The second benefit is the speed of transition. A processor that can ramp up to a high frequency quickly and then drop down as needed can get through instructions quicker but also save power. Imagine driving a car, and having to wait 60 seconds to change a gear – it’s that sort of analogy.

What Speed Shift v2 does in the Kaby Lake family, compared to v1 in Skylake, is manage those transitions to higher frequency faster. Before Speed Shift, transitions from idle to peak turbo were on the order of 100 milliseconds, and Speed Shift v1 took that to 30 milliseconds (with a good base established within 15). Speed Shift v2 means that peak performance from idle now happens in 10-15 milliseconds total. This means that interactions with the OS, such as touch, or actions that rely on low latency, can occur within a couple of frames on a 60 Hz display.

The benefit of Speed Shift lies a lot in touch devices, which perhaps doesn’t affect the desktop Kaby Lake processors in this review, but also in web interactions. A lot of web work is stop and start, such as scrolling or javascript functions.

There is one caveat however – Speed Shift currently only works in Windows 10. It requires a driver which is automatically in the OS (v2 doesn’t need a new driver, it’s more a hardware update), but this limitation does mean that Linux and macOS do not benefit from it. I would be hard pressed to not imagine that Apple and Intel were not working on a macOS driver, but as yet we have not had confirmation that one exists.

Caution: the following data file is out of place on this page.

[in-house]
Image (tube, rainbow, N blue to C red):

Optane Memory Support

The latest memory technology to hit prime time is Intel and Micron’s 3D XPoint. This is a non-volatile form of data storage that is bit addressable and can be used as DRAM or storage. Despite being at least a decade in the making, and being formally announced in 2014, it is still yet to show up commercially as it is still being developed. Intel plans to create 3D XPoint DRAM that is slightly slower than normal DRAM but both denser (more of it) and non-volatile (keeps the data after power loss, saves power altogether), as well as 3D XPoint Storage that is faster than standard NAND flash, and more configurable. It the scheme of things, we expect the storage based products to hit the market first.

Intel, as far as we can tell, is set to release two main classes of product: Optane DRAM to be pin-compatible with DDR4 and require Optane DRAM enabled processors, and Optane SSDs which should work with any PCIe storage interface. ‘Optane Memory’ however, is something a little different. Based on pre-briefings, Optane Memory is certainly not Optane SSD we were told, but rather a storage cache for mechanical hard-drives. We’ve had this before with NAND flash drives, using Intel’s Rapid Storage Technology, and it seems that Kaby Lake and 200-series chipsets will support a new version of RST for PCIe-based storage. But because this is caching drive, such as the 16GB Optane Memory drives in Lenovo’s upcoming notebooks, and not Optane SSD, might lead us to believe that ‘Optane Memory’ drives are not designed to be directly user addressable.